Audiences were swept up in Beals' performance as Pittsburgh steel mill welder Alex Owens, who lives a double life as an exotic dancer with dreams of becoming a professional in the movie, which hit theaters on April 15, 1983.
While Beals gave Alex heart, the character's famed, intricate "Flashdance" dance numbers were almost entirely performed by uncredited French pro dancer Marine Jahan, whose moves were interspersed with shots of Beals dancing from the neck up.
"Most of the shots are Marine dancing and Jennifer's head," director Adrian Lyne says of the romantic drama (now out in a 40th anniversary 4K Blu-ray edition). "It was great to have two people doing one part. It's funny how the audience accepted the sort of amalgam of the two. They didn't really think about it being another dancer."
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In the dance number set to Michael Sembello's "Maniac," it is Jahan's feet bouncing on the floor, which kicked off the legwarmer trend of the time. It's Jahan who's seen in silhouette, doused in water, in the iconic wet dance.
In some instances, Jahan's face is shown on camera only slightly obscured beneath Alex's wig – "a wig that kept falling off" Lyne says. "And the interesting thing was Marine and Jennifer had very different bodies."
The climactic conservatory audition dance scene, set to Irene Cara singing the Oscar-winning song "Flashdance ... What a Feeling," was even more complicated. Alex stumbles during the audition, then goes into her own sensationally choreographed number that required even more body doubles than Jahan.
Gymnast Sharon Shapiro performed the tremendous dive into a roll that leads into a breakdance performed by Richard "Crazy Legs" Colón, who grudgingly donned a wig and tights ("He was very unhappy about wearing the tights," Lyne remembers) to appear as Alex.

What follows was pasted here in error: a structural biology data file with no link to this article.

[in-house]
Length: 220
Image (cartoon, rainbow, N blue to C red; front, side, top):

Lyne maintains it was the movie studio's decision to gloss over the stand-ins to foster the illusion of Beals doing it all.
"Jennifer was a pretty good dancer, but she wasn't like Marine," says Lyne, who was directing his first major film. "The studio really wanted to keep it under wraps. And the more they tried, the more the press pounced on it. Because obviously, it was a body double. But if anything, the controversy was good for the movie. And it's funny that we're still talking about it 40 years later."
Jennifer Beals was a force in 'Flashdance'
Lyne gives major credit to Beals' portrayal as Alex for the success of "Flashdance." Upon meeting the aspiring actress, who had appeared in 1980's "My Bodyguard," the director knew he had found his Alex.
"I went running over to (producers) Don Simpson and Jerry Bruckheimer to tell them how great she was."
Besides having the acting chops to earn a Golden Globe nomination, Beals' glow enhanced the love story with Alex's mill boss Nick (Michael Nouri). "She was devastatingly beautiful without any kind of awareness of that beauty. That lack of awareness was really lovely. And she had that sweet laugh, like a kid."
Director Adrian Lyne has one 'Flashdance' regret
Lyne has one regret: a line cut from Joe Eszterhas' script involving an upscale dinner scene with Alex and Nick. When Alex receives her meal, it has broccoli.
"And Alex says, 'What are these little trees?' " Lyne says. "I thought it was charming, the best line in the script."
But a studio executive insisted the line be taken out, and Lyne allowed the cut. "I was a first-timer. I didn't have the (nerve) to hang on to the line. So every time I see that scene, I wish Alex had said that line about the trees."
But that's small potatoes. For a movie with minimal expectations and without major stars, "Flashdance" was considered a modest success when it debuted with $4 million on opening weekend. It steadily grew into a culture-changing hit with more than $200 million at the box office worldwide, making it the third-most popular movie of 1983.
"What's extraordinary is it just sat there making money, week after week," Lyne says. "It was ridiculous."
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This article originally appeared on USA TODAY: 'Flashdance' 40th anniversary: Jennifer Beals relied on movie magic